The New York Times headline reads Dear Ben: It’s Time for Your Volcker Moment.
I expected the article to be about inflation. It starts out as such, praising Volcker for his commitment to lower inflation. A third of the way through came an innocuous looking sentence "Mr. Bernanke needs to steal a page from the Volcker playbook."
From there it went straight downhill.
Here are a few snips ...
Who is this Monetarist Fool?To forcefully tackle the unemployment problem, he needs to set a new policy framework — in this case, to begin targeting the path of nominal gross domestic product.
More specifically, normal output growth for our economy is about 2 1/2 percent a year, and the Fed believes that 2 percent inflation is appropriate. So a reasonable target for nominal G.D.P. growth is around 4 1/2 percent.
It would work like this: The Fed would start from some normal year — like 2007 — and say that nominal G.D.P. should have grown at 4 1/2 percent annually since then, and should keep growing at that pace. Because of the recession and the unusually low inflation in 2009 and 2010, nominal G.D.P. today is about 10 percent below that path. Adopting nominal G.D.P. targeting commits the Fed to eliminating this gap.
It does not take a genius to understand why consumer spending is weak.
- Unemployment rate is 9%
- Real wages are falling
- Income advances go to the wealthy
- Middle class is shrinking
- Jobs hard to find
- Approval ratings of Congress and Obama at record lows
- Consumers have high debt ratios
- Home prices are still falling
- Homeowners are trapped in their homes, unable to refinance
- Boomers need to save for retirement
Change of Heart in Bernanke?
However, those simple facts are far too complicated for a PhD like Fed chairman Ben Bernanke to figure out.
Is it any wonder his policies are so counterproductive when he cannot figure out simple things the average person can see clearly?
Dear Christina, please read those three paragraphs closely.Fiscal policymakers face a complex situation. I would submit that, in setting tax and spending policies for now and the future, policymakers should consider at least four key objectives. One crucial objective is to achieve long-run fiscal sustainability. The federal budget is clearly not on a sustainable path at present. ...
As a nation, we need to think carefully about how federal spending priorities and the design of the tax code affect the productivity and vitality of our economy in the longer term. Fourth, there is evident need to improve the process for making long-term budget decisions, to create greater predictability and clarity, while avoiding disruptions to the financial markets and the economy. In sum, the nation faces difficult and fundamental fiscal choices, which cannot be safely or responsibly postponed.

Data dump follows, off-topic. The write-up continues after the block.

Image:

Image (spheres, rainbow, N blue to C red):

Monetary policy can be a powerful tool, but it is not a panacea for the problems currently faced by the U.S. economy. Fostering healthy growth and job creation is a shared responsibility of all economic policymakers, in close cooperation with the private sector. Fiscal policy is of critical importance, as I have noted today, but a wide range of other policies--pertaining to labor markets, housing, trade, taxation, and regulation, for example--also have important roles to play.
Currency Cranks Agree With ThemselvesFed's Policy Is Theft
Stephanie, it's a little known fact that inflation benefits those with first access to money, such as the banks, the wealthy (via rising asset prices), and the government (think rising sales taxes and property taxes when prices go up).
Everyone else gets screwed. You are right in the middle of the pack of those most hurt by the serial bubble blowing policies of the Fed.
Viewed this way, Bernanke's policies are nothing but theft, robbing the poor, for the benefit of banks and the wealthy.
This is why I support Congressman Ron Paul's effort to end the Fed.
Ants and Termites in Increasing AgreementThere is increasing agreement among economists on two broad principles of monetary policy. The first principle is that monetary policy should aim to stabilize some nominal quantity. Monetarists have sought to make monetary policy stabilize the growth of the nominal money stock. In some periods of history, policy has been committed to pegging the nominal price of gold. Some economists have proposed stabilizing a bundle of commodity prices or even the consumer price index (CPI).
The second principle, which was taken for granted up until the past fifty years, is the desirability of a credible commitment to a fixed rule for monetary policy. It is now apparent that there are substantial gains if the central bank commits in advance to a set policy, rather than leaving itself free to exercise unconstrained discretion.
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